IMM-.1 lc fint .ilV.ii.fn.l 1'li..i....n.l. ..I .....I
from old and young, of both u-xes. permanently
in vii n ituin 1 1. k, irt mar iree. .Anurias
I'lC Mt-riMvJ (VI fcUIUIlN t 'JU.
WKSTKKN lilt INCH,
WOj; 27 POKTl.AN'n OB
Sold by Ptrelbig A I.aue, DrugglM, cor. rkc
otui WHshlncton Sis.. Portland. Or.
l-or busiiies pursuits -it the Portland Business
C'oIIckc. Poitlnnd Oregon, or at the Cupitul Bus
Bless College, Salem. Oreuou. Both schools are
under the nmiuiKtiiitntof A P Armstrong have
same course oi studica uud saint- rates of tuition
II ii x i ii v n h, S li o r I h a n d ,
Typewriting, Penmanship and I'ugllsli Dtpatt
ments. Day and evening sessions, stiideiilad
milted nt nny time, 1'or Joint Catalogue, iiildreM
I'urlUn.l lluvlurss lollivr, nu U.ii.ii i;a.iiif. K.inirr,
ORDER BY MAIL.
One Dozen ABBorted HandkerohlefB ut
50c 7CO., $1,00 or $1.60. poatago
paid for Men, Ladles and Children.
Order anything mil everything you want to
use. to wear, tn eatortoiiumsoyiiursclfor others,
and It will be furnished at lowest price. Or
der a sample copy of the llomr. I'ln te, containing
prleo list of over -'1,000 articles used lu families
and It will Ixt sent you free of cost. Order a few
samples of dry goods to compare price and iiial
Ity with orders, afirper atoiico It will pay you
SMITH'S CASH STORE
418 FRONT STREET,
MAX KII.VXCIMC'O - VA 1. 1 FOK.VI A
I CURE FITS!
I do Dot nifsn 'merely to stop tbrio for a time and
then bate tbeui ri-turu aifklii. I mean a radlcsJ cue.
I bare wade the AIu-um of kits, iceiLsmr or fall
IM sit-UNKHs allfe-lone studr. I warrant my remedy
to cun the worst caa. Itecauae other bale failed is
do reason for not ddw recelTlnia cure. Hrai atonoe
or a treatlMi and a freo Iwttle of lay lufallible remedy,
Ulle Eipres and P't OHioo.
II O. BOOT M O, 183I'MilBt.,New Vork.
VP W TT Hn, WJ-H F. W, Tl. Nn. f70
, IrilenrMn In n llanserooH fault
In the kidneys. When Inactive they speMIlv
fall Into disrepair. Those obstinate and fatal
maladies, HrlRht's disease and diabetes, ensue
with terrible cettalnty upon the inaction of the
orpatisafTectcd. Catairhof the bladder, enuresis,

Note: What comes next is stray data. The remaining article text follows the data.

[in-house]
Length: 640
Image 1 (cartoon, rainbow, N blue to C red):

gravel and strmijrury are also to bo apprehended
from a partial paralysis of the bladder, of which
weakness and slucKishness are the cause. Hos
teller's Stomach Hitters Is a fine tonic and pro
moter ol activity fot the renal organs, and one
which can lie relied upon to atTord them the re
quisite stimulus without exciting them an
enVct to Ik? fcarini from the unmedlcatcd alco
holic excitant of commerce. A further boncfi
cent effect of the Hitters, by renewing activity
of the kidneys, is to enable them to drain froth
the blood In its passage through them. Impuri
ties productive of rhenmatism ami dropsy,
Nervousness, fever and ague, constipation ami
djjpepsia are conquered by the Hitters.
lireat talkers are like
thing ruiiS out of them.
leBky pitches s every
now 1 s. i:i?iv i.i n:.
1 was taken sick while at the dinner table
with terrible distress In mv stomach. Before
this I had been hearty and strong. Tor fourteen
days I kept getting wore, despite the efforts of
two doctors 1 lost forty pounds, and was satis,
tied that I could live but a few days. My trim
bit1 was Stomaeh and Liver Complaint, "result
Ing In an attack of bilious colic. At this time
1 saw Dr. David Kennedy's Favorite llcmedv, of
Houdout. N. Y , advertised, and sent for n'lwit
tie. I al'o scut for my physician, and told him
that 1 was going to try the Kawirite Kemedy
Ho examined it and told me tu use It three days
and let him know the result. In the three dBys
I walked four miles. Dr. Kenncdv's Favorite
Kemedy has sated my life. W. S. flltzer, slate
Mills, Koss Co., Ohio.
Hit. KKNNKtiv's Kavoritk Kii.MKiiv, made at
lUnuulout, .V. Y- It: 0 for IS.
Send for book, how to cure Kidney, Liver and
It Is a good thing to be able to let go the less
for the sake of the greater.
HVHK Ol'KK FOIt I'l I.K.N.
Sure cure for blind, bleeillng and itching Piles.
One Ihix has cured the worst cases of ten years'
! standing. .No one need sulIVr ten minutes after
using Kirk's ticrman Pile Ointment. It absorbs
tumors, allays the Itching, acts as a poultice,
gives relief, Dr, Kirk's (iurmnu Pile Ointment
Is prepared only for Plies and ltchiug of the
private purls, ami nothing else. Kvery Ihix Is
Sold by Druggists and sent by mall on receipt
of price, 11.00 per box. J. J. Mack ,v. ('o., Whole
sale Agents, San Francisco,
? I tin nn I . BACH. Oablor, ItoenlAt
PUnos; Bnrdett Onani, band Inatrnmesu. Laarns
stock ol Sheet Mule and Books. Bands supplied a
Kaatern Prise. MATTHIAS (1IIAY CO , VjS Pn.
BlreM, Ban Franataon
Plso's Ilemedy fbr Catarrh Is tho
Best, Kaslefct to Use, luul Cheapest.
Sold by druggists or sent by maU.